These groups have clear dependencies and are performed in the management of each portfolio. They are independent of application area or industry focus. Group and individual constituent processes are often iterated during the portfolio management process. Constituent processes also can interact, both within their particular process group and with the other portfolio management process group. Remember that the portfolio management process is ongoing and updated from time to time at the discretion of the organization.

The Aligning Process Group ensures the availability of current information regarding strategic goals that the portfolio is to support, as well as current operational rules for evaluating components and managing the portfolio. In addition, this Process Group establishes a structured, agreed-upon method for keeping the mix of portfolio components aligned to the organizational strategy.

The Aligning Process Group is most active when the organization refreshes its strategic goals and lays out near-term budgets and plans for the organization. Traditionally, these activities take place at the annual budgeting time, although some organizations have refresh cycles that are more frequent. Such activities may be scheduled quarterly, for example, or may occur because of changes in the business climate.

The Monitoring and Controlling Process Group is concerned with the activities necessary to ensure that the portfolio as a whole is performing to predefined metrics determined by the organization. These metrics, such as total return on investment or net present value thresholds, may be monitored by category and aggregate performance. In some instances, individual components of the portfolio may be tracked.

Exhibit 2 illustrates an overview of the portfolio management process groups. The numbers in parentheses refer to sections of the standard.

Overview of Portfolio Management Process Groups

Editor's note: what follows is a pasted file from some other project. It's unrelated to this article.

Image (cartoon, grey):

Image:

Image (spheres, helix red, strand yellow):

Exhibit 2 – Overview of Portfolio Management Process Groups

Exhibit 3 illustrates the process flows for portfolio management.

Portfolio Management Processes and Process Groups

Exhibit 3 Portfolio Management Processes and Process Groups

These nine proposed portfolio management processes in summary are:

  • Identification – This process creates an up-to-date list, with sufficient information, of ongoing and new components that will be managed.
    Key activities within this process include:
    • Comparing ongoing components and new component proposals with a predetermined component definition and related key descriptors
    • Rejecting components that do not fit within the predetermined definition
    • Classifying identified components into predefined classes of components, such as project, program, portfolio, and other works.
  • Categorization – This process categorizes identified components into relevant business groups to which common decision filters can be applied for evaluation, selection, prioritization, and balancing.
    Key activities within this process include:
    • Identifying strategic categories based on the strategic plan
    • Comparing identified components to the categorization criteria
    • Grouping each component into only one category.
  • Evaluation – This process identifies pertinent evaluation factors and then evaluates components.
    Key activities within this process include:
    • Evaluating components with a scoring model comprising weighted key criteria
    • Producing graphical representations to facilitate decision-making in the selection process
    • Making recommendations for the selection process.
  • Selection – Evaluated components are formally rejected or selected for further consideration based primarily on their value.
    Key activities within this process include:
    • Selecting components based on the evaluation results